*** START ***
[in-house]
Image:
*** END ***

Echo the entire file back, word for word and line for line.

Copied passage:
[in-house]
Image: